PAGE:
Monday, October 7, 2013

Mask of the Beast

Masks can be a wee bit creepy, and many famous horror movie characters wear them, so in the spirit of Halloween (which Australians don't actually celebrate but who cares) I've decided to post some of the masks I found in Venice last year.

*This is also an excuse to share more photos from Venice - which I think I only blogged about once, meaning there are roughly eleventy million pictures left over.

But I guess everyone knows that Venice is lovely.

It is a city with water instead of roads, and boats instead of cars. I don't see how you can improve on that.

Venice is a relatively small place, with a tangle of interconnecting pathways and bridges that defy any kind of sensible mapping. If you are accustomed to moving confidently in straight lines and always knowing where you are going, you might not enjoy navigating so much. But it's perfect for people who like to go in random directions and don't panic when lost. A weirdly liberating experience for those of us with no sense of direction.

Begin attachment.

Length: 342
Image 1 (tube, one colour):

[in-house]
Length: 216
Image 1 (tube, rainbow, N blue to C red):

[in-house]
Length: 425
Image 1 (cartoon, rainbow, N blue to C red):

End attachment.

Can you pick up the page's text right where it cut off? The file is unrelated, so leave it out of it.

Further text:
Cool fashions are also present.


Anyway, on almost every street there are shops selling masks. These vary widely in complexity and quality, from cheaper and more generic tourist fare... intricate deluxe masks made by true artists.

These are a few of the window displays, which often incorporate a combination of puppets, masks, and puppets wearing masks. Click to enlarge.

Some of the animal ones were truly exceptional. Just wow.

If you're getting a bit of an 'Eyes Wide Shut' vibe, this is no accident. In my wandering I stumbled across the very shop that provided the masks for that film (sorry, can't tell you where it is because I have no idea).

Here is a little intro to the proprietor.

It goes without saying that the shop was magnificent.

I like the wings lady.

Last but not least, one of the most impressive: a huge Medusa mask complete with snakes.

I mean, seriously. Settle down. You're making everyone else look bad.

If you can't make it to Venice for Halloween, you could always watch this documentary instead.

If you do visit, beware of the waters. Even the local fishermen are wary these days...